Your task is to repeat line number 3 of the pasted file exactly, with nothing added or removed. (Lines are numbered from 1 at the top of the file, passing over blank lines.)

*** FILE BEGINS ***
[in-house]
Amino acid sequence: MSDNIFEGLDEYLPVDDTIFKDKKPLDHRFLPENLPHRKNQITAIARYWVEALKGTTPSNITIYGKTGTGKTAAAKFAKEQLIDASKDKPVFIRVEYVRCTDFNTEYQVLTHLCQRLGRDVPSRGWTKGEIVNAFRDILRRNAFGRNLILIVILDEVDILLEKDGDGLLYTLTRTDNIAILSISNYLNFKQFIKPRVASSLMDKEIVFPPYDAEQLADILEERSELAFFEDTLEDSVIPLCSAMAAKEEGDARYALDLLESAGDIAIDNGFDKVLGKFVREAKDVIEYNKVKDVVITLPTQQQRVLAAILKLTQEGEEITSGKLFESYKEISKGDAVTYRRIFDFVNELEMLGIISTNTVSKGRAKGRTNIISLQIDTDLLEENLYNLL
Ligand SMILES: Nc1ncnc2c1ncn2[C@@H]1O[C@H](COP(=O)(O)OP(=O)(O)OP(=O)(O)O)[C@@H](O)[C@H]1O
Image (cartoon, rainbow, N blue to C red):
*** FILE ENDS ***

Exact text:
Ligand SMILES: Nc1ncnc2c1ncn2[C@@H]1O[C@H](COP(=O)(O)OP(=O)(O)OP(=O)(O)O)[C@@H](O)[C@H]1O